View the making of Street with a View:

Along Pittsburgh's Sampsonia Way you'll also find the offices of the online magazine of the same name. Sampsonia Way is "sponsored by City of Asylum/Pittsburgh celebrating literary free expression and supporting persecuted poets and novelists worldwide."

*I'm not up to date with all the latest  etymological theories behind the origin of the name Pittsburgh but it's clear to me that it's a combination of Pitt and burghPitt, or rather its alternatively spelling pit, is defined by Webster's Dictionary as a "place of futility, misery or degradation," as in "It's the pits (worst)." This combined with burgh, a word described by Webster's as " a medieval fortified group of houses..." gives us the word Pittsburgh.

Monday, February 27, 2012

Shades of Truth

Animated polarizer by Rogilbert via Wikipedia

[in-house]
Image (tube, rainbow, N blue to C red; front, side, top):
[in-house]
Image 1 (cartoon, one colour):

“Always expect the worst.” That’s my mantra. It works well for me too. When things go bad, I’m never disappointed. When things go unexpectedly well, which fortunately they most often do, it’s like winning the lottery or finding loose change in the pocket of a seldom worn suit jacket. I’ve been told that all the worries that this bleak outlook on life causes is sure to cut my longevity short. The truth is I never thought I would live to this ripe old age as it is. So the way I see it, I’m way ahead of the game.

Today not even the dark tinted glasses through which I usually view the world could filter the shock waves from a disturbing story I spied in the morning paper. The tale,reported by the Kyodo news agency on February 25, tells how just days before 3/11 a government panel caved in to the wishes of TEPCO and two other nuclear power plant operators and revised a report warning of a possible massive tsunami in northeastern Japan. The facts of the story are, to borrow a quote from the Kyodo article, “unbelievable.”